“Nighttime rituals such as extra feedings (bottle or breast) and soothing may be what your baby needs to stop crying, but they will not encourage more independent sleep. If that is your goal, you may want to explore sleep training,” said Wu.

For some babies these actions may be overstimulating, making it harder for them to return to sleep unassisted. When examining what sleep associations you want to help foster, consider all caregivers. Will your little one attend daycare? Will they frequently be cared for by other caregivers? Are you only offering on-demand breastfeeding, bottle feeding, or a combination? This will affect your baby’s association with sleep.

After you establish sleep associations that will work for you and your baby’s needs, try your best to stick to those associations during sleep regression. There is a natural urge to change your behavior at the first sign of discomfort, but instead, you want to provide consistency to help your baby navigate through the sleep regression. During sleep regression is not the time to establish new rituals unless you are certain they will last even after your baby starts to return to regular sleep. Additionally, following general sleep recommendations can go a long way to reducing sleep regression stress.

  • Keep your routine as consistent as possible. This includes sleep rituals, general timing, and environment. 
  • Limit stimulation after bedtime. This includes during nightly feedings and diaper changing. If you can keep the lights dim and reduce any excessive noises, you can help your baby resume sleep quicker.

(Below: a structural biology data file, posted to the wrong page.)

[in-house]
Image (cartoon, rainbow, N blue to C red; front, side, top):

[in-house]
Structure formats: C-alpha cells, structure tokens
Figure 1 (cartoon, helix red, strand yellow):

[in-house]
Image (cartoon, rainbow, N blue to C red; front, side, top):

• Don’t wait until your little one is sound asleep to put them in bed. Try putting your child to bed “drowsy, but awake.” This sleep association helps build independent sleeping behaviors. 
  • Don’t intervene right away unless you suspect extreme discomfort. If your baby wakes up fussy, play it out for a minute or two before you enter their room. Sometimes babies let out a good fuss, but your set sleep associations (noise machines, for example) help them get right back to sleep. 

Sleep regression often hits parents right when you think you are finding your groove. This makes it especially hard to navigate, but you can find balance by setting up the best environment you can with the skills, knowledge, and resources you have. Everything that happens after that is luck of the draw. Some parents never experience sleep regression and other parents find themselves on sleep regression loops. The key is to keep the focus on the overall well-being of your baby, hold true to what is in your control, and release yourself of any guilt that can come if all your controls fail to get your baby’s sleep immediately back on track. Parents everywhere are rooting for you!